“People, when they are sick, are not looking to be sprayed, controlled, counselled, told about bush meat… they are looking to survive, and when they see the quality of care is not good, they are going to flee… Control without care is what amplified the West African Ebola epidemic,” Paul told me during a 2018 interview.

Paul’s entire life was dedicated to irrigating clinical and public health deserts. In fact, he considered it the “price of admission for all who engage in the noble struggle for global health equity.” Through his work with PIH and others, he demonstrated that it is indeed possible to bring modern medical care to Haiti, Peru, Rwanda, Liberia, Sierra Leone, and many other settings. He showed that it is possible to scale-up the treatment of HIV and drug-resistant tuberculosis. Both treatments were initially seen as ‘not cost-effective.’ “The more desiccated the medical desert, the greater the possibility for rapid change,” he told me in my interview.

“Paul taught us that providing health care to people in need is always a good thing. Building the systems that make it possible (the famous 5s – staff, stuff, space, systems and support) – is always a good thing. But actually living the implications of believing that all people are worth it is so much harder. That’s what Paul challenged us all to do. It’s what he called living in the House of Yes,” said Mark Brender, National Director, Partners In Health Canada.

“In a world riven by inequity, medicine could be viewed as social justice work,” sums up Paul’s approach to medicine.

Lesson 9: Be in it for the long haul

Gene Bukhman, a cardiologist and medical anthropologist at the Brigham and Women’s Hospital, was Paul’s student. “I think the biggest thing I learned from Paul goes back to a very early conversation I had with him. I was sure that all forms of tuberculosis would be virtually wiped out very soon given how focused he was on this issue. It was ridiculous that such a treatable disease should persist in the 21st century! He looked at me incredulously, and said “Oh no, this it the kind of thing that people die working on.” I think I learned that this was the sort of commitment – measured in decades – that it takes to repair the world.”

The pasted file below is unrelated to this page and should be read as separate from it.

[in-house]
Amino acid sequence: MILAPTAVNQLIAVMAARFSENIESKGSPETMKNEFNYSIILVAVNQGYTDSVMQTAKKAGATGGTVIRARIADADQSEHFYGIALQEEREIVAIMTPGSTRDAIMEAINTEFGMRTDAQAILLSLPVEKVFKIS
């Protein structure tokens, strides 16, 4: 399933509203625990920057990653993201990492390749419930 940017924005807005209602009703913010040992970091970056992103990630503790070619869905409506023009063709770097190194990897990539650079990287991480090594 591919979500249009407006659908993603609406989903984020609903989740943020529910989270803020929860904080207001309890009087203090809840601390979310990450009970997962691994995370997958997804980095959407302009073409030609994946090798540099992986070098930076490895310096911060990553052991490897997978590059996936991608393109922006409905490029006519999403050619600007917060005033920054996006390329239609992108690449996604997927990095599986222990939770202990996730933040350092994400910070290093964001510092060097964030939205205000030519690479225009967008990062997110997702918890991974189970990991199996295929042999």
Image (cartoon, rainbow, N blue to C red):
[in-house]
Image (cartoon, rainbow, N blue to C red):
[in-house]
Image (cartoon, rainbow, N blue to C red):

Indeed, in his books, Paul has written about the need for global health to be ‘more than just a hobby.’

Lesson 10: Counter failures of imagination

We are living in the midst of multiple global threats – Covid-19, climate crisis, and conflicts. None of these global threats can be solved without equity, global solidarity, transnational cooperation, and global citizenship. As Paul wrote, “we live in one world, not three (first, second, third), and “reimagining global health” requires resocializing our understanding of it.”

Think bigger, build bigger, and counter failures of imagination was one of Paul’s most important teachings. “Countering failures of imagination” was the title of his commencement speech at Northwestern University in 2012.

Looking at the dysfunctional and inequitable way the world is dealing with the Covid-19 pandemic and the climate crisis, I cannot but wonder if this may well be Paul’s most important message – that humankind must be bold enough to counter failures of imagination.

Can we imagine a world where everyone has access to Covid-19 vaccines and boosters? Can we imagine a world where countries cooperate to mitigate the climate crisis, where rich polluting nations pay for the climate damage they have caused? To imagine these radical futures, we must counter failures of imagination. The long journey to bending the arc towards justice begins, first and foremost, in our imagination.

Originally published on forbes.com

Remembering Dr. Paul Farmer (1959-2022) – physician, teacher, and activist whose commitment to justice and dignity shaped each of our lives and saved millions more. Read reflections from PIH Canada’s National Director, Mark Brender, and so many more.

Every person, no matter who they are or where they’re from, deserves the best health care we know how to offer.